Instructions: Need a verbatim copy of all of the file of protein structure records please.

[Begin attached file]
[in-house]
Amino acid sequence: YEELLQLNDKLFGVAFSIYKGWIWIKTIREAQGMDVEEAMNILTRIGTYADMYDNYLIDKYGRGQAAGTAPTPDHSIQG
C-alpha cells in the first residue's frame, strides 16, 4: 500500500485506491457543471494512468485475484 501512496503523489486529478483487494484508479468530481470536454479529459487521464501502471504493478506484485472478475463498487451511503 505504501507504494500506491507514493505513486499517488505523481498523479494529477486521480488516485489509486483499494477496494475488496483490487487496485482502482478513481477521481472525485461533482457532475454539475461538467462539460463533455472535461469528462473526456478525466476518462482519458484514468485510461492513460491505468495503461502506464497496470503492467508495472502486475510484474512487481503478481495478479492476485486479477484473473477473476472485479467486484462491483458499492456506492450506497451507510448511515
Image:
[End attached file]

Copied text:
[in-house]
Amino acid sequence: YEELLQLNDKLFGVAFSIYKGWIWIKTIREAQGMDVEEAMNILTRIGTYADMYDNYLIDKYGRGQAAGTAPTPDHSIQG
C-alpha cells in the first residue's frame, strides 16, 4: 500500500485506491457543471494512468485475484 501512496503523489486529478483487494484508479468530481470536454479529459487521464501502471504493478506484485472478475463498487451511503 505504501507504494500506491507514493505513486499517488505523481498523479494529477486521480488516485489509486483499494477496494475488496483490487487496485482502482478513481477521481472525485461533482457532475454539475461538467462539460463533455472535461469528462473526456478525466476518462482519458484514468485510461492513460491505468495503461502506464497496470503492467508495472502486475510484474512487481503478481495478479492476485486479477484473473477473476472485479467486484462491483458499492456506492450506497451507510448511515
Image: